When surgery is necessary for spinal stenosis, the Weill Cornell Brain and Spine Center takes the least invasive approach possible. Our spine surgeons have developed expertise in some of the most advanced minimally invasive surgery for spinal stenosis:
- Endoscopic Decompression: The least invasive option available, this advanced technique requires only the tiniest of incisions (7 mm, or less than a quarter of an inch). A specially trained neurosurgeon inserts a slender endoscope into the incision, and the wafer-thin camera and tools are guided to the location of the stenosis under X-ray navigation. There is no cutting into muscle, making the procedure essentially painless, and patients go home the same day. Many patients who would previously have required fusion surgery can now avoid that by having an endoscopic decompression instead. In this procedure, a neurosurgeon with advanced training decompresses the nerve by opening the foramen (the passage through which the nerve passes).
- Lumbar Laminectomy: This is one of the most common procedures used to treat spinal stenosis today. It can be performed with open or minimally invasive techniques, depending on the diagnosis. The procedure involves removal of the lamina (the part of the vertebra that covers the spinal canal, which houses the spinal cord), bone spurs and excess ligament, thus reducing compression.
- Posterior Cervical Laminectomy: Laminectomy is surgical procedure used to treat severe cases of cervical spinal stenosis. Surgery is performed under general anesthesia, and the pressure of the spine is decreased by removing the portion of the vertebrae that is compressing the spine and nerve structures. Bone grafts are inserted into the spine and held in place by rods and screws, which stabilizes the neck and creates a fusion of the vertebrae. Over time, as the neck heals, new bone grows around the screws and fuse the spine. Patients usually wear a hard, cervical collar for 6 weeks after surgery.
- XLIF (Extreme Lateral Interbody Fusion): This advanced method of minimally invasive surgery approaches the spine from the side, avoiding the major muscles of the back. A spine surgeon makes a small incision in the patient’s side, between the lower ribs and pelvis, and inserts a special surgical instrument just above the disc space. The surgeon removes the damaged disc tissue and inserts a spacer between the vertebrae. The surgical team monitors the position and correct placement of the spacer, sometimes using special screws or a plate on the side of the spine to offer additional stability. Patients typically are walking within a few hours of the XLIF procedure and are then discharged the next day. Most patients are back to work within approximately two weeks. (Download the “About Lateral Access Surgery” brochure here.)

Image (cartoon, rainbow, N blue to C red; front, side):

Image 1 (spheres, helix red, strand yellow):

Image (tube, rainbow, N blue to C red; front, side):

- Minimally Invasive Lumbar Fusion: This surgery fuses the bones of the spine in the lower back together so that there is no longer any motion between them. This reduces spinal pressure, pain, and nerve damage. Minimally invasive lumbar fusions do not require the large incision or the muscle retraction typically used in conventional fusions. Patients undergoing this procedure have a fast recovery time. A recent advance is the use of a computerized image guidance system for many patients undergoing lumbar fusion. This has the advantage of aiding the surgeon in optimal placement of screws and avoiding injury to delicate nerve tissue.
Until recently, all patients undergoing lumbar fusion required a bone graft either from the hip region or from a bone bank. Newer bone grafting substances are now used to promote healthy fusion. In most patients undergoing lumbar spinal fusion, metal titanium instrumentation is also used. This will typically involve placing pedicle screws into the bone and connecting these with a rod. (See Doctors Who Treat Spinal Stenosis.)
Our Care Team
- Hansen-MacDonald Professor of Neurological Surgery
- Director of Spinal Surgery
- Clinical Associate Professor of Neurosurgery
- Attending Neurosurgeon
- Associate Professor of Neurological Surgery, Spinal Surgery
- Co-Director, Spinal Deformity and Scoliosis Program
- Chief of Neurological Surgery, NYP Lower Manhattan
- Chief of Neurological Surgery, NewYork-Presbyterian Queens
- Co-director, Weill Cornell Medicine CSF Leak Program
- Assistant Professor of Neurological Surgery
- Assistant Professor of Neurological Surgery, Spine Surgery
- Assistant Professor of Neurological Surgery
- Assistant Professor of Radiology in Neurological Surgery (Manhattan and Queens)
Reviewed by: Eric Elowitz, MD
Last reviewed/last updated: September 2020